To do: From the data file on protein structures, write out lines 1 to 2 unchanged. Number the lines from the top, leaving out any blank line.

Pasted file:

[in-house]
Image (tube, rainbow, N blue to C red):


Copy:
[in-house]
Image (tube, rainbow, N blue to C red):